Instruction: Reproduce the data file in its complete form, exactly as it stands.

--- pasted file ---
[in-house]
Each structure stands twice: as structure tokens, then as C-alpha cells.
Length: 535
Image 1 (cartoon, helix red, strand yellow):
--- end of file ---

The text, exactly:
[in-house]
Each structure stands twice: as structure tokens, then as C-alpha cells.
Length: 535
Image 1 (cartoon, helix red, strand yellow):